Does Ratzinger think we care what he says? The great blessing about COVID-19 is that we no longer have to listen to Bishops and Priests. We now listen to God only.

    Reply
  2. Richard Rosendall
    Richard Rosendall says:

    Robert Shine’s post here reminds me of a 2010 article in the London Review of Books by Colm Tóibín called “Among the Flutterers,” about Benedict’s obsessive suppression of homosexuality in the Church, his scapegoating of gay clergy for priestly sexual abuse of children that he himself helped cover up, and his own apparent closeted homosexual orientation that included his fondness for colorful, elaborate vestments and his closeness to his gorgeous private secretary, Georg Gänswein, whose name is as familiar to gay Catholics as the former Cardinal Ratzinger’s notorious 1986 letter to the Catholic bishops on “the Pastoral Care of Homosexuals.” My gay Catholic friends who follow Church politics have long talked about this in private as readily as many of us do about a rather obviously (to us) closeted member of the DC Council.

    The thing about His Former Holiness is that, as Robert notes, it is his own anti-gay obsession, not our noticing it, that diminished his papacy, along with his obsession over control and his choice to prioritize the Church’s reputation over the safety of children. His medieval, dogmatic rigidity, which contrasts so starkly with the pastoral openness of Pope Francis, prevents him from learning anything. Thus he states that anyone with his negative views regarding marriage equality faces social excommunication, in which case one wonders how he is continually given a platform for his obnoxious views. His projection of his own authoritarian bent upon a much more liberal society, and his portrayal of himself as a victim, turns the truth on its head in a way similar to that of the political right in America, the latest example of which is the insistence by racist murderers in southern Georgia that they acted in self defense despite having stalked an unarmed man whose only crimes were being black and defending himself.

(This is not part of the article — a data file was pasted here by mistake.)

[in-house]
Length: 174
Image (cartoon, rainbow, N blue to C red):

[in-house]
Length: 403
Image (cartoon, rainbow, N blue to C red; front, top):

I was indeed enraged as a gay man in the fall of 1986 when I read Ratzinger’s vicious and slanderous pastoral letter, which I found no more persuasive than his insistent twaddle about our true conscience entirely and necessarily agreeing with his dictates. I am sorry, but if freedom of conscience does not include my right to disagree with a corrupt prelate who is in full flight from the modern world, then those saying so are tacitly rebuking the Almighty for having given us human brains rather than the brains of sheep. What the Church’s traditionalist bullies have in common with Trumpist thugs is a sense of entitlement that blinds them to their own responsibilities and to the worth of others unlike themselves. There is no point in talking about the community of the Church while erasing or rendering illegitimate those with a different perspective, any more than talking about America’s greatness while trashing its norms and portraying a diverse society as monochromatic. The fact remains that we are here and are standing up for ourselves, and those who are enraged at our existence only hurt what they claim to love.

    https://www.lrb.co.uk/the-paper/v32/n16/colm-toibin/among-the-flutterers

    Reply

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  1. […] members with dissenting views. Trump’s rants against reporters are little different from Benedict XVI’s insistence that marriage equality is from the Antichrist and his complaint that traditionalists […]

  2. […] members with dissenting views. Trump’s rants against reporters are little different from Benedict XVI’s insistence that marriage equality is from the Antichrist and his complaint that traditionalists […]